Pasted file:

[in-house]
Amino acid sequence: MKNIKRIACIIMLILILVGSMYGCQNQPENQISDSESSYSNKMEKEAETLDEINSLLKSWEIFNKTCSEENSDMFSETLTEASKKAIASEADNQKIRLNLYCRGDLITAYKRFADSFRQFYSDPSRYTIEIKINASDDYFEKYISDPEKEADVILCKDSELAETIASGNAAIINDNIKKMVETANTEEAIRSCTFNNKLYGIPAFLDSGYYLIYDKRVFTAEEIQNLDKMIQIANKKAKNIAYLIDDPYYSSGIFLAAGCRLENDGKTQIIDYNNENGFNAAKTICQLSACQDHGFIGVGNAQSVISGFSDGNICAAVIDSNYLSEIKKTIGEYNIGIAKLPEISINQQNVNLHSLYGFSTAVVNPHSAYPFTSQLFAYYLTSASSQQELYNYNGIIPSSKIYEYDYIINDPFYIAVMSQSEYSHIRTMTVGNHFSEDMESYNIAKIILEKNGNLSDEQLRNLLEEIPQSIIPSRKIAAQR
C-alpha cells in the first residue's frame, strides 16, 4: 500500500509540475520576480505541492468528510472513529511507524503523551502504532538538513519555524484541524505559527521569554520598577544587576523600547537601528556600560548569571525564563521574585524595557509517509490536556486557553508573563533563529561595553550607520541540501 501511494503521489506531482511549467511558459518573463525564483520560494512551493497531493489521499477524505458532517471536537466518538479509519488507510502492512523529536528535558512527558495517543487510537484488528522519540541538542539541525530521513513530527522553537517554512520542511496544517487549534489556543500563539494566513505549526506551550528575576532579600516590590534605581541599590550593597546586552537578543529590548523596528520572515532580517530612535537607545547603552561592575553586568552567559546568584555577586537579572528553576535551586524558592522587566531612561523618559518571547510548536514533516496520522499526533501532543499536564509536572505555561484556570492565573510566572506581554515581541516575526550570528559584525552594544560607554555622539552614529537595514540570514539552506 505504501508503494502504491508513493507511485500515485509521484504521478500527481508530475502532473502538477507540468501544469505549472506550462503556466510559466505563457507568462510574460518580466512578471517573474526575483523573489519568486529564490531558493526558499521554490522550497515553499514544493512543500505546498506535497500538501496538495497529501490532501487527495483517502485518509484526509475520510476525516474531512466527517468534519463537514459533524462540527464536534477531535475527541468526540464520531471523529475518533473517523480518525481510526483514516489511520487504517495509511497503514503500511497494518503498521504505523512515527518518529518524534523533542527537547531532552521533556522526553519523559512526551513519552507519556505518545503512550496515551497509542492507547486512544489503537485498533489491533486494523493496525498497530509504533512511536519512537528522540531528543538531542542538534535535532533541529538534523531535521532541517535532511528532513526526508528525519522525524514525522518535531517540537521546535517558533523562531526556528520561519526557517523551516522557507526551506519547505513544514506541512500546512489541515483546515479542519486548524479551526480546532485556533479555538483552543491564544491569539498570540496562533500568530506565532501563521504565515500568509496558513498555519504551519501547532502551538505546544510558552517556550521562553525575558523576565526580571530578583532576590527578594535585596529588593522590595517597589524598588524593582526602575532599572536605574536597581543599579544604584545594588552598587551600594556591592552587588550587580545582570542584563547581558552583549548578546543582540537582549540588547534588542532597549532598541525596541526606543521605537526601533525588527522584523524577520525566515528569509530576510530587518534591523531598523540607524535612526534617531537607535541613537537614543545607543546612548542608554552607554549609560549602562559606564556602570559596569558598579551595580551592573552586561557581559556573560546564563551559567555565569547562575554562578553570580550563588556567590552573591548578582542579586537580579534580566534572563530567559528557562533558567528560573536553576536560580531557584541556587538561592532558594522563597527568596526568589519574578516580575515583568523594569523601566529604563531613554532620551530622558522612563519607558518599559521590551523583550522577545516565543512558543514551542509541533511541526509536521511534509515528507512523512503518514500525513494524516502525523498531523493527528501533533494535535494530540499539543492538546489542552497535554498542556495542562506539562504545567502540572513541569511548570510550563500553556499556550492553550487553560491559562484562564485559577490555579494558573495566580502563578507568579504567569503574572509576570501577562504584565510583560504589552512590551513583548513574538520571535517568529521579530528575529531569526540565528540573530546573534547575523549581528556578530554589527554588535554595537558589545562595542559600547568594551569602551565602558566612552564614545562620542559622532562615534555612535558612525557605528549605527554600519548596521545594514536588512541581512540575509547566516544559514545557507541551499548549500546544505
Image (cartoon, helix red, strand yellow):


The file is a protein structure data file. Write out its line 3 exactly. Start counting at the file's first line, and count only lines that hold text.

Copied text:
C-alpha cells in the first residue's frame, strides 16, 4: 500500500509540475520576480505541492468528510472513529511507524503523551502504532538538513519555524484541524505559527521569554520598577544587576523600547537601528556600560548569571525564563521574585524595557509517509490536556486557553508573563533563529561595553550607520541540501 501511494503521489506531482511549467511558459518573463525564483520560494512551493497531493489521499477524505458532517471536537466518538479509519488507510502492512523529536528535558512527558495517543487510537484488528522519540541538542539541525530521513513530527522553537517554512520542511496544517487549534489556543500563539494566513505549526506551550528575576532579600516590590534605581541599590550593597546586552537578543529590548523596528520572515532580517530612535537607545547603552561592575553586568552567559546568584555577586537579572528553576535551586524558592522587566531612561523618559518571547510548536514533516496520522499526533501532543499536564509536572505555561484556570492565573510566572506581554515581541516575526550570528559584525552594544560607554555622539552614529537595514540570514539552506 505504501508503494502504491508513493507511485500515485509521484504521478500527481508530475502532473502538477507540468501544469505549472506550462503556466510559466505563457507568462510574460518580466512578471517573474526575483523573489519568486529564490531558493526558499521554490522550497515553499514544493512543500505546498506535497500538501496538495497529501490532501487527495483517502485518509484526509475520510476525516474531512466527517468534519463537514459533524462540527464536534477531535475527541468526540464520531471523529475518533473517523480518525481510526483514516489511520487504517495509511497503514503500511497494518503498521504505523512515527518518529518524534523533542527537547531532552521533556522526553519523559512526551513519552507519556505518545503512550496515551497509542492507547486512544489503537485498533489491533486494523493496525498497530509504533512511536519512537528522540531528543538531542542538534535535532533541529538534523531535521532541517535532511528532513526526508528525519522525524514525522518535531517540537521546535517558533523562531526556528520561519526557517523551516522557507526551506519547505513544514506541512500546512489541515483546515479542519486548524479551526480546532485556533479555538483552543491564544491569539498570540496562533500568530506565532501563521504565515500568509496558513498555519504551519501547532502551538505546544510558552517556550521562553525575558523576565526580571530578583532576590527578594535585596529588593522590595517597589524598588524593582526602575532599572536605574536597581543599579544604584545594588552598587551600594556591592552587588550587580545582570542584563547581558552583549548578546543582540537582549540588547534588542532597549532598541525596541526606543521605537526601533525588527522584523524577520525566515528569509530576510530587518534591523531598523540607524535612526534617531537607535541613537537614543545607543546612548542608554552607554549609560549602562559606564556602570559596569558598579551595580551592573552586561557581559556573560546564563551559567555565569547562575554562578553570580550563588556567590552573591548578582542579586537580579534580566534572563530567559528557562533558567528560573536553576536560580531557584541556587538561592532558594522563597527568596526568589519574578516580575515583568523594569523601566529604563531613554532620551530622558522612563519607558518599559521590551523583550522577545516565543512558543514551542509541533511541526509536521511534509515528507512523512503518514500525513494524516502525523498531523493527528501533533494535535494530540499539543492538546489542552497535554498542556495542562506539562504545567502540572513541569511548570510550563500553556499556550492553550487553560491559562484562564485559577490555579494558573495566580502563578507568579504567569503574572509576570501577562504584565510583560504589552512590551513583548513574538520571535517568529521579530528575529531569526540565528540573530546573534547575523549581528556578530554589527554588535554595537558589545562595542559600547568594551569602551565602558566612552564614545562620542559622532562615534555612535558612525557605528549605527554600519548596521545594514536588512541581512540575509547566516544559514545557507541551499548549500546544505